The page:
First, we need to see the current crisis as an opportunity, not a threat. In recent days a survey in England has shown that, although only about 6% of the population attends church on Sundays, around 25% have tuned in to a live streamed service since the pandemic began. Speaking personally, for years I have said Daily Morning and Evening Prayer alone in church. Now I say them in my home and stream them on Facebook, and I rarely have less than fifteen people joining me. A couple of them are people I thought had drifted away from our church. This is just one example of the new opportunities that present themselves. The world is changing, and the call of the Church is always to find fresh ways of sharing the Gospel message in new circumstances.

Secondly, we all need to calm down. This week Marcus Green has written eloquently about this. Clergy and lay people are all under unique stress right now. People are getting sick and dying, seeing their loved ones die alone in long term care facilities, losing their jobs and livelihoods, seeing their academic year evaporating before their eyes. Many of us are having trouble sleeping at night. Many more are having trouble making ends meet.

Is this the time for Christians to be sniping at each other about something as unimportant as whether or not we are allowed to stream services from the church? Surely what we need to be doing right now is being gentle and patient with each other, encouraging and supporting each other, not arguing about unimportant matters.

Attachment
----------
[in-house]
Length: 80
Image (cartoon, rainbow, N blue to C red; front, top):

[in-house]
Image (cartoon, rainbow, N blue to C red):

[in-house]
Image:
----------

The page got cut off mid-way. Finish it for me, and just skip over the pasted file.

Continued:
“But it’s not unimportant!” people will say. “It’s about the worship of God; how can it be unimportant?”

It’s unimportant, because Jesus and the authors of the New Testament apparently had no opinion on the matter. Or wait; maybe they did! Jesus was once asked about it by a woman of Samaria. She pointed out that her Samaritan ancestors had taught that God was to be worshipped on the mountain near Samaria, but the Jewish people (represented, in her view, by Jesus) asserted that the proper place for worship was Jerusalem.

‘Jesus said to her, “Woman, believe me, the hour is coming when you will worship the Father neither on this mountain nor in Jerusalem…But the hour is coming, and is now here, when the true worshippers will worship the Father in spirit and truth, for the Father seeks such as these to worship him. God is spirit, and those who worship him must worship in spirit and truth.” The woman said to him, “I know that Messiah is coming” (who is called Christ). “When he comes, he will proclaim all things to us.” Jesus said to her, “I am he, the one who is speaking to you.”‘ (John 4.21, 23-26).